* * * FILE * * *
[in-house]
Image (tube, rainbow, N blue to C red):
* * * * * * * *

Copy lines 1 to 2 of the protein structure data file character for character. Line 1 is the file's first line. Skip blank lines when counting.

[in-house]
Image (tube, rainbow, N blue to C red):